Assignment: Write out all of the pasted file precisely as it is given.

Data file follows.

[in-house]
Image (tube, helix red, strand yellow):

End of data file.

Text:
[in-house]
Image (tube, helix red, strand yellow):